Hybrid meetings best practices

An illustration of a hybrid meeting with four people.
(Adobe stock image)

Hybrid meetings have become the norm as people have returned to campus while others work from home. That’s why Information and Technology Services created a guide to navigate those meetings. See a quick breakdown of the tips and best practices for how to get the most out of your hybrid meetings. The communications toolkit can help you share this information with drafted social media posts, newsletters, and graphics. Make sure to share it with your peers, too. 

Before meeting basics

  • Ask yourself, “Can this meeting be a Slack chat or email?” If the answer is yes, do that instead. 
  • Identify a clear outcome of the meeting and share that with participants in advance.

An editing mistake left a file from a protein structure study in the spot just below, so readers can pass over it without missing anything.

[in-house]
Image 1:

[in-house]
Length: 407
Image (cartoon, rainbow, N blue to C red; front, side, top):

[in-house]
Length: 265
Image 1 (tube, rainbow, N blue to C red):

• Share or email any documents or references to be used ahead of the meeting, so participants can follow along. Include them in the meeting invite, if possible.
  • Make sure you’re familiar with the technology, whether that’s the equipment in a physical room or the software on your computer. 

During the meeting

  • Your meeting should be inclusive: have captions turned on, ask people to raise hands instead of talking over others, and wait a little longer for responses because people may have to unmute. 
  • Encourage people to use cameras, and have a camera for your conference room, too. Display remote participants on the screen. 
  • Use headphones with a built-in microphone if you’re remote, and mute yourself if you’re not talking.
  • If you are not in a Zoom Room or other conference room that can show all in-person attendees on video, consider having those in the room use their laptops to join the meeting virtually, but without sound. When prompted, select the “do not join audio” option, and, instead, have everyone use a shared single speaker phone.

If you’ve developed your own tips or have found something particular that works for you and your team, feel free to share in the comments.